Davies wants us to “Consider what happens when an entrepreneur is classified as a “distressed borrower” rather than a “start-up founder”… at that point, the person has been put into a category in which their word is not as good as other people’s.” 

But classifying an entrepreneur ex post, quite naturally, as a distressed borrower, cannot be remotely as bad as when regulators, ex ante, by allowing banks to leverage more when financing “safe” houses than when financing “risky” entrepreneurs are, de facto, saying that the word of an entrepreneur is worth less than that of house buyers. 

If there has been any sweeping of unpleasant realities into grubby corners, that is the role the regulators, with their foolishly risk adverse risk weighted capital requirements, have played in putting bank crisis and economic stagnation on steroids. Had for instance any credit rating agency assigned a 0% risk to Greece and with that doomed that country to a tragic over indebtedness, it would probably be hauled in front of judge… but there are the regulators still regulating as if they had done nothing.

And Sir, you know I think FT has quite shamefully helped the regulators with much of that sweeping.


@PerKurowski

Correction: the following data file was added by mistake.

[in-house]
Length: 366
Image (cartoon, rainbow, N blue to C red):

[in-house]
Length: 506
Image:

We need worthy and decent unemployments

Sir, I refer to Martin Wolf’s “Work in the age of intelligent machines” June 27.

In 2012 (while I was still not censored in Venezuela) I wrote an Op-Ed titled “We need worthy and decent unemployments”. In it I held “The power of a nation, and the productivity of its economy, which so far has depended primarily on the quality of its employees may, in the future, also depend on the quality of its unemployed, as a minimum in the sense of these not interrupting those working.”

That is the reason why I am absolutely sure our societies have to start urgently, even if from a very low level, to implement an unconditional universal basic income (UBI).

And referring also to Sarah O’Connor’s “Minimum wage laws still fall short for those on the bottom” June 27, let me point out that while minimum wages raises the bar for the creation of jobs, UBI is a stepping stool that allows you to reach up to the mostly low paying jobs of the gig economy. 

PS. You want to increase the minimum wage $2 per hour? Better pay $2x40x4 $320 in universal basic income to all.

@PerKurowski

June 26, 2018

Flags need also to be raised, when influential multilateral financial institutions help to blow up bubbles

Agustín Carstens, the general manager of the Bank for International Settlements writes: “A decade of unusually low interest rates and large-scale central bank asset purchases may have left many market participants unprepared, and contributed to a legacy of overblown balance sheets” “It is precisely when pressure starts to build that flags need to be raised” June 26.

Indeed, but to that we should add the presence of extraordinary low capital requirements for banks when lending to what’s perceived as safe, like to house buyers and sovereigns. These have helped to explode the exposure to this type of loans, as well as distort the signals sent to the markets, something that of course has also helped to inject a lot of liquidity. 

Carstens also opines: “At the BIS, we have come to appreciate how unrewarding it can be to flag risks when markets are running hot. Yet that is precisely when risks tend to be highest.”